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Spokane, Washington  Est. May 19, 1883
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Sports >  Outdoors

New Montana state record walleye caught, sixth state record fish since August

UPDATED: Wed., May 19, 2021

Trevor Johnson of Helena reeled in a nearly 3-foot-long walleye from Holter Lake near Helena on May 10. Johnson’s fish weighed in at 18.02 pounds on a certified scale, measured 32.25 inches in length and 22 inches in girth. He caught the record-setting fish on a jig.  (Courtesy)
Trevor Johnson of Helena reeled in a nearly 3-foot-long walleye from Holter Lake near Helena on May 10. Johnson’s fish weighed in at 18.02 pounds on a certified scale, measured 32.25 inches in length and 22 inches in girth. He caught the record-setting fish on a jig. (Courtesy)

Montana anglers have landed six state-record fish since last August, according to a news release from Montana Fish, Wildlife and Parks.

Trevor Johnson of Helena added a seventh whopper to that list on May 10 when he reeled in a nearly 3-foot-long walleye from Holter Lake near Helena. Johnson’s fish weighed in at 18.02 pounds on a certified scale, measured 32.25 inches in length and 22 inches in girth. He caught the record-setting fish on a jig, according to the release.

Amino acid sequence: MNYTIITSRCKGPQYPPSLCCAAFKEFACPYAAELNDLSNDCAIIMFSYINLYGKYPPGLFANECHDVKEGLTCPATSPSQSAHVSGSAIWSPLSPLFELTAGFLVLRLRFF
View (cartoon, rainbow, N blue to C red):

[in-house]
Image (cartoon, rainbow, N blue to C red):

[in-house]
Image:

The previous state walleye record was set in 2007 with a 17.75-pound fish from Tiber Reservoir.

Other recent state-record fish include a chinook salmon caught last August, a smallmouth bass in October, a yellow bullhead in December, a brown trout in February, a longnose sucker in March, and a largemouth bass in April.

With 91 native and introduced fish species found in Montana, interest in fish records has increased in recent years. Montana Fish, Wildlife & Parks maintains the list of record fish, and it is available on FWP’s website at fwp.mt.gov/fish/anglingData/records.

Anglers who think they’ve caught a state-record fish should keep the following things in mind:

  • To prevent loss of weight, do not clean or freeze the fish. Keep the fish cool – preferably on ice.
  • Take a picture of the fish.

The fish must be weighed on a certified scale (found in grocery stores or hardware stores) and witnessed by a store employee or other observer. Obtain a weight receipt and an affidavit from the store personnel if no FWP official is present. Measure the length and girth.

Contact the nearest FWP office to have the fish positively identified by a fisheries biologist.

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